A human trait is universally condemned by contemporary opinion is “confirmation bias“. Confirmation bias is commonly portrayed as a “bug” in our mental software since our first instinct is to search for evidence that reinforces our existing worldview rather than evidence that disproves it.

I disagree. If the argumentative hypothesis is valid, confirmation bias is no more a bug than “Brett” holding his position in the offensive line against a pass rusher is a “bug” or “Brett” holding his position against my cross-examining aggression is a “bug”.

In divying up power, any crack in your own power is a bug: they are an open opportunity for others to increase their power at your expense. Since argument is just one more means of dividing power, its consistency may be the hobgoblin of small minds to some but its inconsistency is a danger to minds of any size and the power they think they command.

Violent argument may seem the polar opposite of verbal argument but the underlying logic of seeking to fragment the power of others while consolidating your own is the same for both verbal and violent argument. The writings of the 19C French military theorist Ardant du Picq convincingly demonstrated that more battle casualties happen after one side breaks and runs then when both sides are holding their position. When one side breaks and runs, the other side can run them down and easily kill them from behind. If both sides stand and fight, casualties are lower: they face each other’s protected, up-armored front. (Poor du Picq later died from wounds suffered during a French battlefield defeat that ended in retreat during the Franco-Prussian War c of 1870-1871).

The victor in battle was the side that stayed consolidated while making the other side fragment. Sometimes the winning side uses a ruse to cause fragmentation: one favored tactic of cavalry generals from William the Bastard to Genghis Khan was feigning retreat before suddenly turning and attacking now that, in their instinctive rush to run down a fleeing enemy, their enemy was suddenly out of position.

Other times, one side’s patience reached the knife’s sharpest edge and a sudden event, rumor, or tremor of emotion caused them to fragment in ways opportune for the other side. In war, psychological breakage usually occurs long before physical breakage. Having to physical annihilate an enemy who holds their ground, painstakingly killing each enemy fighter one by one, is rare. When it happens, it’s as draining for attacker as it is for attacked. Infamously, the refusal (or inability) of Japanese soldiers to run away from overwhelming American firepower turned the War in the Pacific into a nightmarish quagmire of attrition.

In another debate format we studied that sophomore year of high school, the Congressional Debate format, the winners are those debate participants who give the best speeches under the constraints of Robert’s Rules of Order, the procedures that hypothetically govern procedures in the United States House of Representatives. Students who gain the floor are able to introduce legislation following the rules of the House. Other students can then speak for or against the bill during the time allotted. The bill then receives an up or down vote.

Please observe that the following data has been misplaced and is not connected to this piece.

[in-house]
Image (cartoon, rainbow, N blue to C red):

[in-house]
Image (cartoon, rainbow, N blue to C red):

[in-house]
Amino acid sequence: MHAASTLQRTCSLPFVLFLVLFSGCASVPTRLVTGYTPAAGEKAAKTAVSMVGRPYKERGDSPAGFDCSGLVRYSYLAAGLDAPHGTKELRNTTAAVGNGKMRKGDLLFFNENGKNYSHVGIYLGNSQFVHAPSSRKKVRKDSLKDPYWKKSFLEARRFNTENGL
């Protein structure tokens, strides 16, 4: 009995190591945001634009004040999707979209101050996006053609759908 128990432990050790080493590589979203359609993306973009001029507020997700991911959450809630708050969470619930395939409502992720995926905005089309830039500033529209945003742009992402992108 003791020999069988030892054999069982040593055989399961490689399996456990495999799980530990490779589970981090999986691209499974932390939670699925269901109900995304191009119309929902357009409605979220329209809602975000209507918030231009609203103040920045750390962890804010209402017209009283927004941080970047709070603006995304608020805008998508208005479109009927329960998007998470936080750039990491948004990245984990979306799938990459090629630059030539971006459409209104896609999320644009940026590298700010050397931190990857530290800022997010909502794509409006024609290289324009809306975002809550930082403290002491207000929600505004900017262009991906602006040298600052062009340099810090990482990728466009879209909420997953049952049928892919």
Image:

During the one Congressional Debate I participated in, a student introduced a bill to increase funding for hydroelectric dam construction. He gave an impassioned speech in favor of his bill. His main argument was that power generated by such dams was more environmentally friendly than power generated from fossil fuels.

His argument was constructed to fend off challenges from the right. It was reasonably well-fortified against attacks from that vector. However, structural weaknesses of his position suggested an obvious counter-ploy. I took the floor and made an easy kill by lackadaisically punching through his wide open left flank by decrying the “terrible environmental damage” wrought by hydroelectric dams. Since, even way back then and even in the Most Conservative State in the Union, students were systemically indoctrinated by education and media into a reflexive left environmentalism, his bill was overwhelmingly voted down.

Normally, practiced debaters don’t throw up gimmes that let you feign retreat only to suddenly turn on them once they’re out of positon. However, this was a melee between students who’d, possibly, never encountered each other before and, possibly, never encountered each other thereafter. They were also mostly:

1) teenagers and…

2) sophomores

…with all the limitations those states imply.

They were like settled farmers, fighting on foot, who encounter steppe nomads riding on horseback for the first time: the nomads ran the obvious ploy, the farmers fell for it and chased them, the horse riders on their adorable little ponies swung around with unanticipated speed, and slaughter ensued.

However, such crude tactics don’t work against entrenched infantry well-schooled in the cunning of the steppes. They also don’t work against entrenched debaters schooled in the earthy cunning of rhetoric. Facing that species of opposition, the gap opened by running to the left while remaining anchored on on the right opens you to deadly counter-charges of You-Were-For-It-Before-You-Were-Against-It-Flip-Floppery inconsistency, Tribute-That-Vice-Gives-To-Virtue hypocrisy, and Profit-Over-Principles/People deceit, among others. Though any argument is designed to win and not to find truth, it’s always a bad argument to say so explicitly. The best argument is arguing that your argument’s purpose is to personify Truth and that opposing arguments are either mistaken or, more insidiously, deliberate falsifications, driven purely by the blackest of political calculation and unenlightened self-interest.